We got here at 7:45…it opened at 8 and there were a few people in line ahead of us. We all got seats at the long bar (you can see all the food being made) and the man in charge (with the very hoarse voice) asked us if we wanted anything particular or just the tapas selection. We stuck with the tapas selection and did very well… By the time we had our first glass of wine (8:05) there were people waiting behind us and a line out the door. Exciting!!!

Tomato Bread- somehow it was the best I’ve ever had. The slices of bread were lightly toasted and there and some FANTASTIC olive oil and a little coarse salt on it.
Fried Green Peppers- these were small Basque peppers (I can’t remember what they’re called). Some were a little spicy, some were a little bitter; they were fried without batter and were salted. Great. Simple and perfect.
Fried Sardines- these were whole, very small fish (about 1.5 inches long) covered in a very light batter. They were like crispy little French fries and I ate a lot of them…head, tail and all. Wonderful.
Fried Calamari- in a light cornmeal (?) batter- plain.
Clams with smooth shells, very small…these were cooked in a small amount of bacon grease with parsley and maybe a little white wine and garlic? Very nice.
Clams with ridged shells, very small…these were cooked with some red oil (olive oil and paprika?). They were a little stronger flavored than the smooth shelled clams.
Langostino (shrimp thing with small claws)- small, with the head on. These were cooked with some slow cooked (sweet, not brown) onions and olive oil. GREAT!
Tortilla Espanola- this was the by far the best version of this I have every had (nontraditional as well). This was small (about the size of a dessert plate) and cooked in lots of olive oil. I think that there was a lot of cream in the eggs and there was some great garlic mayonnaise (aioli) on top. This was light, fluffy and wonderful. I’ll have to try to copy that sometime.
Fried Artichokes- small, in a light batter with salt. Yum.
Baby Squid/ cuttlefish with lentils, in ink sauce. Very tiny…eat them whole! Great!
Wine…house red and white, white was good, the red was a little sweet.
Crema Catalan…this was not good (a mistake). The texture wasn’t good, and it sort of tasted like the gas in the torch they used to carmelize the sugar. We returned it.

Lunch at Euskal Etxea:
We had 4 ciders (sidre)…which the bartender poured from 3 feet above the glass. “Gnarley.” “Yuck.” It was pretty nasty stuff. Is it supposed to taste like that? We also had some snacks…with toothpicks, of course. The food was a little tired. That’s one of the bad things about barfood:
-Serrano ham and Manchego on bread
-little sandwich with funky red sausage sliced thin…about the same diameter as a tennis ball. This was a little scary.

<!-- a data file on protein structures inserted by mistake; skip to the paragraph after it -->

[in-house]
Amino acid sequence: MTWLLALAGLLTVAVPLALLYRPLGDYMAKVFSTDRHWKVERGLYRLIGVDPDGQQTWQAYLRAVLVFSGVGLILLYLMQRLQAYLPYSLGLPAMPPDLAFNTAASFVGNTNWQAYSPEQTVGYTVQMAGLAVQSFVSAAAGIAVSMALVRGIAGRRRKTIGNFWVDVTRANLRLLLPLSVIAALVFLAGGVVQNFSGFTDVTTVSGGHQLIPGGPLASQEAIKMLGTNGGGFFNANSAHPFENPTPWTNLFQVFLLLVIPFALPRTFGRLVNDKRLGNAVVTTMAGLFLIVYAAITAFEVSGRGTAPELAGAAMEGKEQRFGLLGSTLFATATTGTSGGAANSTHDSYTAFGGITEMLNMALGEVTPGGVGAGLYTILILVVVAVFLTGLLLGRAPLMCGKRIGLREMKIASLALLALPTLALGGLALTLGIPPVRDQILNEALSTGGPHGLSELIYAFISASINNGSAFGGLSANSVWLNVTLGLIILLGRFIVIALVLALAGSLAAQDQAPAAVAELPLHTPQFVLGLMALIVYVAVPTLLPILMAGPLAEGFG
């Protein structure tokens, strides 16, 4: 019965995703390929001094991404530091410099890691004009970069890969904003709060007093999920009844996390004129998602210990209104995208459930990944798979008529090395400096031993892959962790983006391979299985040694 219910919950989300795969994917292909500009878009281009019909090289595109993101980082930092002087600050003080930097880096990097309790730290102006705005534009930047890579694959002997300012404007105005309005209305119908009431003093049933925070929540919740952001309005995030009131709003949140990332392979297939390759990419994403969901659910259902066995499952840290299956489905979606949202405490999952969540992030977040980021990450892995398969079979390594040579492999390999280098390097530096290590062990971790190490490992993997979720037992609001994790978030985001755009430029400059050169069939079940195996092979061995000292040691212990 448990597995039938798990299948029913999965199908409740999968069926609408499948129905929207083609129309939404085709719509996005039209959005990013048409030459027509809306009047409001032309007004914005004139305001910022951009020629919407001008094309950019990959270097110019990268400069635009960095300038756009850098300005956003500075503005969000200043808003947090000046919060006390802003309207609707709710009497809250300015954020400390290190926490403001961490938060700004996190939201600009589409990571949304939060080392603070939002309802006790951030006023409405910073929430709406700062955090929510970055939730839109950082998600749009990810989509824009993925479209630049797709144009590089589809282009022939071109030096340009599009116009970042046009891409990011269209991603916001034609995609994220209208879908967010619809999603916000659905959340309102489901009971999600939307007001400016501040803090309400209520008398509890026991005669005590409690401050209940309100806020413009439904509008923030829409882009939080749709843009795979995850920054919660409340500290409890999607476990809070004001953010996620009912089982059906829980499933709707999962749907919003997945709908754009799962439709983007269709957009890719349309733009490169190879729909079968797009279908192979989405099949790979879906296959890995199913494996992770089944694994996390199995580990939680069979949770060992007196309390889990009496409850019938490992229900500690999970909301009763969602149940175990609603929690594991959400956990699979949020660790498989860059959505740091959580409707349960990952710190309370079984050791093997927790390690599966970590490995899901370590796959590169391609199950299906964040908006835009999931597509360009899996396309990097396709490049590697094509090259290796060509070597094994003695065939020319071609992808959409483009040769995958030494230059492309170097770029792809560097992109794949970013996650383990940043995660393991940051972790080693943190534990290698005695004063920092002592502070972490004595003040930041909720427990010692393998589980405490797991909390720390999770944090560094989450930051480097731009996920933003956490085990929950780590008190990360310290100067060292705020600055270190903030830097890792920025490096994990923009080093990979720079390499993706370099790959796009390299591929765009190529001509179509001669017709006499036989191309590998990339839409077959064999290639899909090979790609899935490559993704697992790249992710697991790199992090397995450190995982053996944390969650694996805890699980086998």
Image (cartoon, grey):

-Tortilla Espanola on bread (my sister’s favorite!)

Lunch at Mikel Etxea (more Basque food!):
-Red Sausage (Chorizo) heated with bread on the side. There was lots of paprika in the sausage, not too spicy.
-Roasted mushrooms in olive oil, bay leaves and salt.
-Tortilla Espanola with roasted red pepper strip and green olives on tooth pick.
-Jamon Serrano on bread
-Mini-manchego sandwich on a little roll.
-Small roasted red pepper stuffed with salt cod and potato puree
-Croquette of sausage and potato with reddish mayonnaise sauce on top…a little spicy.
-Whitefish in casserole with olive oil and peppercorns…decorated with roasted red pepper and parsley sauce.
-Mayonnaise /cream cheese stuff with bits of ham on bread. What is this stuff? Not my favorite.
-Green pepper stuffed with ground beef and a little rice, cheese on top. My mom’s are better.
-Big Dill pickle stuffed with tuna (no mayonnaise) with a roasted rep pepper garnish. Strange.
-2 pitchers of sangria (much needed!)
-65.22E for 5 people.

Dinner at La Crema Canela:

First course:
-Dry rose…so-so
-Big bowl of tomato soup garnished with fresh basil and basil ice cream.
-Tomato and fresh mozzarella…the tomato was peeled and stuffed with mozzarella and basil pesto. It was garnished with chopped black olives and long, crisscrossed chives.
-Mesclun salad with toasted goat cheese and a long thin quartered toasted baguette.
-Arugala salad with marinted feta and black, oil cured spicy olives.

Second course:
-Vegetable Tartin…very interesting bread, almost like pita bread that had been fried with grilled vegetables on top. The plate was decorated with a good amount of Romesco Sauce made with walnuts instead of almonds.
-Chicken crepes with spinach sauce…the sauce could have been a little brighter colored (add lemon to sauce at end to maintain color and brighten flavor?). A good dish.
-Tuna Steak with Modena Sauce and sweet onions…I didn’t know what ‘Modena’ referred to when I ordered it. Balsamic vinegar, it turns out. This sauce would have been better suited to steak.

Lunch at Suquet de L’Almirall:
We did make it out to Barcelonetta eventually and had a great lunch at a place I saw recommended in Chowhounds. We sat out on the patio in the shade with a nice bottle of chilled white wine and there were some cooler ocean breezes coming in off the water. Wonderful.

- Tavern salad…greens, hard boiled eggs, tomato, roasted rep peppers, black olives and interesting dark brown sausage…there were some large chunks in the sausage (about the size of my palm).
-Chicken and Jamon Croquettes…creamy and wonderful
-Tomato Bread with salt…wonderful
-Lightly breaded fried leeks/ large scallions with romesco sauce...great.
-Gaspacho de Sandia con Pulpo y Aceite de Albahaca…tomato and watermelon gazpacho with octopus and basil dressing. It was garnished with basil oil, sesame seeds, pepito (little green pumpkin seeds) and a dark oil (made with ink?). There was sliced octopus in it. Very very good, and wild.
-Seafood Paella…rice is a brownish color, not yellow, with clams mussels, shrimp (all on shell), chunks of scallop. Very good. We were expecting a brighter yellow/saffron color, and I was very nervous when I say it was dark because I had a VERY BAD paella about that color on my last trip. It’s easy to get bad paella in Spain.